Scottish government plan to raise heart survival rates

Heart attack Image copyright Thinkstock

The Scottish government has claimed 1,000 lives could be saved over the next five years by improving the population's lifesaving skills.

It has launched an action plan to train 500,000 people to help cardiac arrest victims.

Research by the British Heart Foundation indicated 61% of respondents would not feel confident performing cardiopulmonary resuscitation (CPR).

Ministers want to increase heart attack survival rates by 10% by 2020.

The Scottish survival rate for cardiac arrests, other than in hospitals, is low compared to the European average. It currently stands at one in 20.

The new strategy will pay particular attention to deprived areas, where cardiac arrest is more common but the chance of receiving appropriate CPR from a bystander is lower.

Public health minister Maureen Watt said: "The best way to ensure that more people survive out-of-hospital cardiac arrest is to increase the number of people who have CPR skills and, crucially, to make sure they are confident enough to attempt resuscitation if the need arises.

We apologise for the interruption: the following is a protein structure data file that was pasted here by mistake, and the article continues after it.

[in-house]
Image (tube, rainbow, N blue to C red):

"If we succeed in our aims, there will be 1,000 lives saved by 2020. That is an ambitious target but it is one that we believe is achievable and well worth aiming for."

British Heart Foundation chief executive Simon Gillespie added: "Scotland has already embraced the concept of creating a nation of lifesavers and we're now supporting around three-quarters of secondary schools in teaching their pupils vital CPR skills.

"This is a real commitment to ensuring Scotland leads the way in creating a nation of lifesavers and improving outcomes for people who suffer a cardiac arrest."

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